I will throw in just a quick comment on Friday’s biggest cycling news. Lance was screwed from the moment USADA announce they would pursue the charges. USADA is beyond the law, if you check out their power. There are no appeals once they’ve ruled and they have only lost on arbitration once. I don’t know if Lance did it. I have not seen the evidence. The real problem is that no one outside of USADA has seen the evidence. No one can legally compel USADA to show what they have.

Whether Lance doped or not, his move to stop fighting is pretty much the best he could do for himself. To be honest, I would be surprised if he didn’t, but the way USADA is able to wield limitless power over our sport is ridiculous. They would have ruled themselves correct, whether Lance cheated or not.

Ted King takes time for a fan at the USA Pro Challenge in Colorado Springs

I hope they don’t test group rides for excess caffein.

Have fun, be safe. I’m going riding.

Pro Treatment

The USA Pro Cycling Challenge, possibly the most cumbersome name in pro cycling, returns to Colorado next week. The race winds 518 miles starting in Durango this year and ends in a time trial around Capital Hill in Denver. The race won’t come through Estes Park this year, but it gets close.
For stage six of the race, on Saturday, Aug. 25, what remains of the starting 135 riders meander 103.3 miles from the start in Golden into Boulder, up Boulder Canyon to Nederland, then north on Hwy. 72 to nearly Allenspark, where the peloton turns east on Hwy. 7 down to Lyons. The race then heads back to Boulder with a quick, steep detour up Lefthand Canyon and down Lee Hill Drive, before the challenging climb to the finish on Flagstaff Mountain.

If you want to watch in the traditional European way, have breakfast in Allenspark then wander down Hwy. 7 to the junction with Hwy. 72. Bring a picnic and relax. The earliest the race officials expect to get to that turn is 1:35 p.m. Keep your camera ready. The whole pack should whir past in about 10 minutes. After that, you can hang out and enjoy the afternoon, head back into Allenspark, chase the race down to Lyons, or if you feel particularly adventurous, try to get to the finish above Boulder before the race ends. This last option is what I’m going to try.

Plenty of American riders plan to make the start, including defending champion, Levi Leipheimer, this year riding for Omega Pharma-Quickstep. US National Champion Timmy Duggen will again ride for the Italian team Liquigas, along with long-time friend Ted King. The Tour de France’s best young rider, Tejay van Garderen will ride along side Boulder native Taylor Phinney, both riding for BMC Racing. The real marquee rider this year, however, will be BMC’s George Hincapie, who will be riding his final professional race.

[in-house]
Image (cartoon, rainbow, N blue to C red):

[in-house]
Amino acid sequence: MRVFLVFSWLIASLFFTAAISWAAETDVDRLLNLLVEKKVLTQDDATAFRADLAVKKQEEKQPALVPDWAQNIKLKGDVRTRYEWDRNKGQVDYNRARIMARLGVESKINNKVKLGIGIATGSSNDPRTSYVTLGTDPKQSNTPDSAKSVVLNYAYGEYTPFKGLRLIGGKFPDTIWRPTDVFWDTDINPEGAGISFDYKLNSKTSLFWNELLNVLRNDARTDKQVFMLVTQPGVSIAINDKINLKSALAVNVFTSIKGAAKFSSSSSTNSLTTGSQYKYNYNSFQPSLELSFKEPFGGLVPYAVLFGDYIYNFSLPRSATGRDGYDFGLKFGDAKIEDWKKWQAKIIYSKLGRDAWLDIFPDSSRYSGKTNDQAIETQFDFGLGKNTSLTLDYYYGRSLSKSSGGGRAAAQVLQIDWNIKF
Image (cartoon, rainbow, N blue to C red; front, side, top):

Big George, as he is known, has an amazing resume. The 39-year-old Farmingdale, N.Y., native turned pro in 1994. He has finished the punishing Paris-Roubaix on 17 occasions. He has finished 15 consecutive Tours de France, a record. He is the only American ever to win the Ghent-Wevelgem and has ushered three different winners in nine Tours, also a record. All of this is impressive, but there’s more.

Big George is possibly the most respected American in pro cycling at the moment, not for his wins, though he has been US National Champ on three different occasions, not because he bends anyone to his will. George might be the nicest guy on two wheels.

George has an easy smile and will talk to anyone. He sacrifices for his team leader and he helps young rider negotiate the challenges of being a pro cyclist. This year he will, again turn himself inside-out for former Tour champ Cadel Evens, while helping build and hone the skills of van Garderen and Phinney. For seven days, he will ride through Colorado for his professional swan song.

If you have time next week and want to see a true professional, get to one of the stages to watch George ride by. Better yet, head down to Denver on Sunday, August 26, to see the finale and the after party. George’s team, BMC will hold a fundraiser party that evening with the likes of former pros Bob Roll, Ron Kiefle and legendary sprinter Davis Phinney from the 7-Eleven team. The event is called “Living the Ride” and features Team BMC director Jim Ochowicz, who also fouded and ran the 7-Eveven team. A silent auction at the event benefits the Davis Phinney Foundation for Parkinson’s. Tickets and more information can be found at

Have fun, be safe. I’m going riding.

Walt Hester